- MSB-DAC is implemented as a discrete precise 11-bit DAC to generate the higher voltages with sufficient resolution and accuracy.
- LSB-DAC is implemented as monolithic standard 10-Bit-DAC-Chip to generate the lower voltages.
The 21-bit word, which is generated by the motherboard-microcontroller, is split into 11 bit MSB and a 10 bit LSB and then fed to the respective DACs mentioned above.
Both DAC output voltages are summed with low offset chopper-amplifier, which is built with discrete components. When the thermocouple-output-mode or the mV-output is activated, the chopper-amplifier activates a switchable gain 1/8 or 1/128 to obtain the needed resolution and low noise at these required low voltages.
The temperature-sensing in the output-copperblocks is realized via selected LM234s. These components are adjustable current sources, which have a linear temperature dependance (see page 7 of the LM234-datasheet). The LM234 is mounted inside each copper-block to measure the temperature individually, while both copperblocks are in intimate thermal contact with each other, but electrically isolated. They are supplied with ±10V from the reference and their outputs are paralleled and measured by an ADC on the motherboard. Then this temperature is used to compensate the simulated temperature when the calibrator is in Alloy-Mode.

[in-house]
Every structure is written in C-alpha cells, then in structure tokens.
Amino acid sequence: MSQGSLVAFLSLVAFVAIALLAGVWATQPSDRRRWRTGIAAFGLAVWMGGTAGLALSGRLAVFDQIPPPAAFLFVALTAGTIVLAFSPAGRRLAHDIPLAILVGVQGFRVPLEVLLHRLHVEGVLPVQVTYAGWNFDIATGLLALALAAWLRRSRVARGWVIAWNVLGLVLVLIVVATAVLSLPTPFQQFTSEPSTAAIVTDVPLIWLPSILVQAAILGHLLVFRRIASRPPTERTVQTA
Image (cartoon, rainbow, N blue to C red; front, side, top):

The calibrator was bought with the error-description: “Turns on, responds to commands, output not correct”. While the description was correct, the startup-diagnose found no error.
When i measured the output with my 34465A-DMM and entered different voltage values i found that it indeed misbehaved:
- it produced completely wrong voltages, when i entered a small mV-number it produced several volts with the wrong polarity.